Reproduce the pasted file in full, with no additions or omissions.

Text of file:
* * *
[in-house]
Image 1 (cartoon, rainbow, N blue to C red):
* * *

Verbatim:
[in-house]
Image 1 (cartoon, rainbow, N blue to C red):